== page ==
Evidence for fire fountaining at Skillion Hill, Southern Tasmania

Miss Grace Cumming1, Dr Karin Orth2, Mr Ralph Bottrill1, Mr John Everard1, Mr Michael Vicary1

1Mineral Resources Tasmania, Rosny Park, Australia, 2University of Tasmania, Hobart, Australia

Skillion Hill, in Southern Tasmania, is a flat-topped hill at the southern edge of a 2.5 km long zone of Cainozoic mugearite/basalt flows and basaltic breccias. The linear volcanic centre is positioned at the northern edge of a north north-east trending line of volcanic centres that span from Droughty Hill (to the south). The volcanic centres consist of strongly evolved alkaline rocks, which generally occur as small plugs, explosive vents, diatremes and scoriaceous flows elsewhere in southern Tasmania. The area has been recently excavated for a building subdivision, enabling the observation of fresh exposures. New geological mapping and textural analysis of samples has revealed a wide variety of volcanic features comparable to eruptive products formed from fire fountaining.

Exposures of “hackly” basalt display an almost clastic appearance owing to a fine network of thin, wispy-lenticular structures (< 0.1 mm thick). These features are parallel to the stratification observed in the scoria deposits above and below. The basalt contains very fine grained, mostly altered, olivine, clinopyroxene, pseudobrookite, magnetite and plagioclase crystals, in an altered glassy groundmass. It is locally xenolith-rich, containing clasts of underlying sedimentary and igneous rocks, anorthoclase-pyroxene, enstatite xenocrysts and some partly fused quartz clasts. An isolated zone within the basalt also contains fluidal ribbon-like clasts. The “hackly” basalt is interpreted to have formed from spatter clasts that underwent agglutination and coalescence during fire-fountaining to form a lava-like appearance. These features indicate rapid accumulation during the eruption, allowing immediate coalescence of hot impacting clasts (as detailed in Sumner et. al., 2004). 

Fluidal to ropy and blocky scoria breccia occurs above, beneath and within the “hackly” basalt. The breccia is poorly sorted, coarse grained, massive and generally monomictic with elongate, vesicular, variably flow banded, fluidal lenticular or ribbon shaped clasts (>10 cm across). The breccia contains clasts with distinct morphologies similar to volcanic bombs and the bulk of the material is interpreted as deformed and flattened spatter, which may have started as completely fluid clasts that agglutinated (or partly agglutinated) on impact during deposition. Abundant bread-crust and spindle-shaped clasts with smooth cores are commonly found in the newly excavated trenches and are also interpreted as once partly fluidised volcanic bombs.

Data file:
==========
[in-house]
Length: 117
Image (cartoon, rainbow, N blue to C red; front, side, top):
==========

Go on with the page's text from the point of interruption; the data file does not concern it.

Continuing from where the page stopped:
Poorly sorted, crudely stratified scoria breccia with alternating finer grained granule rich matrix-supported layers contain fairly oxidised, ragged, angular to blocky shaped clasts which overlie and are intercalated with the “hackly’ basalt and scoria breccia. The crude stratification may have been caused by changes in eruption dynamics; such as eruption column height, fragmentation processes or changes in dispersal patterns during the eruption (McPhie et. al., 1993).

Structural measurements of flow banding and the stratification in the scoria breccia facies, along with the incidence of proximal spatter piles or fountain-fed lavas (formed in an inner-fountain setting) suggest that Skillion Hill represents a partly dissected edifice of a fissure vent or scoria cone. Eruptions likely involved alternating or contemporaneous low viscosity, less volatile rich magma with high effusion rates (to form coalesced spatter), and eruptions with high volatile content and high explosivity (to form agglutinated spatter and volcanic bombs).


McPhie J., Doyle M., Allen R., Allen R.L., 1993. Volcanic textures: a guide to the interpretation of textures in volcanic rocks. Centre for Ore Deposit and Exploration Studies, University of Tasmania, Hobart

Sumner J. M., Blake S., Matela R.J., Wolff J.A., 2005. Spatter. Journal of Volcanology and Geothermal Research. 142:49–65


Grace currently works as a geologist at the Geological Survey at Mineral Resources Tasmania. Grace has spent the most of the last 10 years undertaking geological mapping in a variety of terranes.

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